This article was originally published in Maclean's Magazine on December 2, 2002
Jim Green, long-time champion of Vancouver's downtrodden, was yakking on his cellphone last week, trying to make sense of the Nov. 16 city election that swept him, and the entire left-leaning Coalition of Progressive Electors slate, into office, when he was greeted by a panhandling constituent. "I voted for you," the guy said, his gravel-crusher voice carrying over the phone, "and I need $2 to get to the food bank." Councillor Green won't be sworn into office until Dec. 2, but already the bill was due. He fished $2 in SkyTrain fare from his pocket and carried on with his phone interview.
He was talking about the inner meaning and inordinate attention - locally, provincially, even internationally - attached to the municipal election result. It raises issues as diverse as a proposed referendum on Vancouver's bid for the 2010 Winter Olympics, a commitment to fast-track safe injection sites for heroin addicts, and the nagging sense that it's a repudiation of the neo-conservative agenda of the provincial Liberal government. It's heavy stuff in a city that doesn't usually pay attention to its own elections. So, were voters, in fact, sending an extraterritorial message to the Liberals in Victoria? Green, never at a loss for opinion, launched into a convoluted response before trailing off. "I just don't know," he admitted. "The real answer is, I just don't know."
What is certain, though, is that B.C. politics, never what you'd call dull, just got way more interesting. Last week marked the end, on a number of fronts, of Premier Gordon Campbell's semi-comfortable ride as supreme ruler of what is essentially a one-party province. It's not that the New Democrats, clinging to their two-seat opposition in a 79-seat legislature, have made a resurgence. Rather the Liberals must now wrestle with a cranky, Hydra-headed beast: an extra-legislative opposition with a free-range wish list as great as all outdoors.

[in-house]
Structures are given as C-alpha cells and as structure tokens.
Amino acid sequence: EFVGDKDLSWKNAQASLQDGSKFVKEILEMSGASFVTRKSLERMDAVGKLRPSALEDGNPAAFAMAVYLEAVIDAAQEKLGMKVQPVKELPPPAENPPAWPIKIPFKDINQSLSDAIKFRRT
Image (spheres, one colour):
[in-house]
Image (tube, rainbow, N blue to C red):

The Vancouver election is but one example of a bad Liberal week. In Victoria, Prince George-area MLA Paul Nettleton was expelled from the Liberal caucus after accusing his own government of a secret agenda to privatize B.C. Hydro. In the Vancouver suburb of Delta, Val Roddick became the first target of a recall campaign, inspired by service cuts at the Delta Hospital. Campaigns to unseat sitting MLAs may legally start 18 months after an election, a milestone the Liberals celebrated, if that's the word, last week. A dozen such campaigns may spring up across B.C., with one group - Recall Them All - holding the unlikely aspiration of eradicating the entire caucus. "I don't take it personally," says Roddick, who could be out of a job if some 12,000 constituents sign a recall petition. "When it comes down to it, people don't like change, even if they voted for it."
Change is what Vancouverites asked for. Voters tossed out the long-ruling conservative Non-Partisan Association - which Gordon Campbell once led as mayor of Vancouver. They replaced it with COPE, a woolly coalition of community activists, unionists, New Democrats, and pragmatic lefties, which had spent the previous 34 years failing to win the mayor's chair. The difference this time was mayor-elect Larry Campbell - no relation to Gordon - who proved that "charisma" and "coroner" can be used in the same sentence.
The incoming mayor carried a COPE majority at city hall on the strength of his unique qualifications: ex-RCMP drug cop, ex-chief coroner of B.C., and inspiration for Dominic Da Vinci, the crusading coroner on the gritty Vancouver-based TV hit, Da Vinci's Inquest. This was Vancouver's drug election, when the city collectively decided that people dying of overdose, disease and murder in the Downtown Eastside - 1,200 in the past decade - can no longer be tolerated. "The problems of the Downtown Eastside aren't just those of a small corner of Vancouver, but were seen as a much larger problem," says Norman Ruff, a political science professor at the University of Victoria. "It's not a revival of welfare statism," he says of COPE's win, "it's kind of a sense of a larger community responsibility."